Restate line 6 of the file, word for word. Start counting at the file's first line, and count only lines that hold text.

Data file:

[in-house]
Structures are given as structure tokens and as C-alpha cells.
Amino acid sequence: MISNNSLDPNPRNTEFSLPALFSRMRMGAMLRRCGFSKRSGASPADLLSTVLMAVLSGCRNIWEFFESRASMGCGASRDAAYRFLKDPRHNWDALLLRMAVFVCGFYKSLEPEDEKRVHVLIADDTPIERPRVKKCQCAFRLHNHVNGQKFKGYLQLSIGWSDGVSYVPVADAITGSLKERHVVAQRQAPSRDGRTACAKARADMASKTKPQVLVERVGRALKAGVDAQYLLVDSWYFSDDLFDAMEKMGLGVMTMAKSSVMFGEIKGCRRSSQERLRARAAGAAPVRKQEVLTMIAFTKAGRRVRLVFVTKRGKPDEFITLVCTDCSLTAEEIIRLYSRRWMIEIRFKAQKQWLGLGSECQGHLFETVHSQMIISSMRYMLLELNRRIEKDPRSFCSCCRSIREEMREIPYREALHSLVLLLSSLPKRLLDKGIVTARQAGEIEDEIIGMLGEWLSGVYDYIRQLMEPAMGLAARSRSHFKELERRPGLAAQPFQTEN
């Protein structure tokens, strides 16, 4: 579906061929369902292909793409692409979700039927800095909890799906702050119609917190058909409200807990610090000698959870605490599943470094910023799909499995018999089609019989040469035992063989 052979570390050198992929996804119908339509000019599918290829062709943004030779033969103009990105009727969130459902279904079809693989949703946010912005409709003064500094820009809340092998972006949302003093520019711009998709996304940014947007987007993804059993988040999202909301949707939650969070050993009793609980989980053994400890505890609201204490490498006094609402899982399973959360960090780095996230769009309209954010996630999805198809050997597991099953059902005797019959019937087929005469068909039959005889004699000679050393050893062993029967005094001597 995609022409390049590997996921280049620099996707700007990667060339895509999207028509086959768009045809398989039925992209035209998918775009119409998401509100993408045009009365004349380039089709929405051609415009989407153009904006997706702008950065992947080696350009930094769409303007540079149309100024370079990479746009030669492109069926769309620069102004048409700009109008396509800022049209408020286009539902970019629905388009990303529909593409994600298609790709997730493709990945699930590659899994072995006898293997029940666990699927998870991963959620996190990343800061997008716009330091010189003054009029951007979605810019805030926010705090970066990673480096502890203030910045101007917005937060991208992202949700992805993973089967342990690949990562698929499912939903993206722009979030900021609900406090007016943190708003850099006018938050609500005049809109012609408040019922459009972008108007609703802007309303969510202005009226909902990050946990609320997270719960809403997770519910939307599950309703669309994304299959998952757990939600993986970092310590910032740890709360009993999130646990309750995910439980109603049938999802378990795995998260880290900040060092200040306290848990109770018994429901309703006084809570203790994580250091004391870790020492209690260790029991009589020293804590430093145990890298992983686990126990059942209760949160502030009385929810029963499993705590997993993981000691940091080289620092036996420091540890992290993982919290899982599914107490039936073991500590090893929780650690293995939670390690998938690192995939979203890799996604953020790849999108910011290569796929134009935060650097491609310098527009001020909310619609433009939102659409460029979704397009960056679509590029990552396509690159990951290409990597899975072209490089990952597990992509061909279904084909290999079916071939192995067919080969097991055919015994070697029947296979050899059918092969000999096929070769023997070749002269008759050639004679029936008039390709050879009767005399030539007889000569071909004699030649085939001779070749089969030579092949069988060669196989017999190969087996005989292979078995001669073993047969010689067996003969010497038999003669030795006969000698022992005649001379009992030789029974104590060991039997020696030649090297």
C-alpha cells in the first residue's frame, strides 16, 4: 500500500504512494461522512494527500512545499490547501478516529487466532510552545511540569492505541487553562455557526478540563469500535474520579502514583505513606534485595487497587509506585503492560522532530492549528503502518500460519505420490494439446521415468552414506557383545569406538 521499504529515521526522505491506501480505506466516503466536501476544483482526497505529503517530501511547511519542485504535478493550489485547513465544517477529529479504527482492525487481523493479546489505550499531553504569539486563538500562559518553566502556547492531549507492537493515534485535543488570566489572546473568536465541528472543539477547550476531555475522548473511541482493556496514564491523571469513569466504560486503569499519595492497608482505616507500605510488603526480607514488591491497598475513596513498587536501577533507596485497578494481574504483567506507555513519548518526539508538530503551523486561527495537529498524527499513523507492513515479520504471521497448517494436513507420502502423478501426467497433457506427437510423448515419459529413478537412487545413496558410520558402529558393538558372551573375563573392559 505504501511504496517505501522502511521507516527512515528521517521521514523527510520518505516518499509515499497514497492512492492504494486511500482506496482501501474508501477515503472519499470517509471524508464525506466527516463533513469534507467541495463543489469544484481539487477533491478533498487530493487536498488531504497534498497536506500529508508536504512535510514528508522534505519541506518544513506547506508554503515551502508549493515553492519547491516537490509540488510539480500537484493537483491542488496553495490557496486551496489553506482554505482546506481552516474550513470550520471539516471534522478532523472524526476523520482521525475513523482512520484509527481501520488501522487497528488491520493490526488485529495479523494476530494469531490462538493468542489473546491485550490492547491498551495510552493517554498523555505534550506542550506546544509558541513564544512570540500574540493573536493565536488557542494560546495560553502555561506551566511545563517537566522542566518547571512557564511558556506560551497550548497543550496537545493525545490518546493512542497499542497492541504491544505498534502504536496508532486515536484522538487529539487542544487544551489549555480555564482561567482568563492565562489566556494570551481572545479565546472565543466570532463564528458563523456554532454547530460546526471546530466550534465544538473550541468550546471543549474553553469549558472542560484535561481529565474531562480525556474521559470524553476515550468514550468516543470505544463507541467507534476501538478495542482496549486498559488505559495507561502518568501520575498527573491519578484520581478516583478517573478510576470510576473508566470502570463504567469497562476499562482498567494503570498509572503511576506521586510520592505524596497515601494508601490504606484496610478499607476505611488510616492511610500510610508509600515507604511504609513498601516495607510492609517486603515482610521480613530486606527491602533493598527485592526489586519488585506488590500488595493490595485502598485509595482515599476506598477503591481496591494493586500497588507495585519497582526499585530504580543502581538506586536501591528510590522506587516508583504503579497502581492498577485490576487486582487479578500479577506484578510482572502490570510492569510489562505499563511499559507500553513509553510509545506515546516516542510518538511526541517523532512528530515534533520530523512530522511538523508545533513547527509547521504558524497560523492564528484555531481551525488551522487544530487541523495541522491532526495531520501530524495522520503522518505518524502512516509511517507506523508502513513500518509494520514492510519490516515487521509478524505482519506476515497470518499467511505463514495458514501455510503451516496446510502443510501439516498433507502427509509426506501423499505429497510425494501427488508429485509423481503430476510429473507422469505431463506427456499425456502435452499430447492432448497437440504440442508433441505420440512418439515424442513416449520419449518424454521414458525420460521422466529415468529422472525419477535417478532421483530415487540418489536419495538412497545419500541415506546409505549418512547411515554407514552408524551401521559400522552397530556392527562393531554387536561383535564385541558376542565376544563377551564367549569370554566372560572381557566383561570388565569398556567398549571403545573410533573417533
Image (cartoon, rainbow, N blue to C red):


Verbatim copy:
Image (cartoon, rainbow, N blue to C red):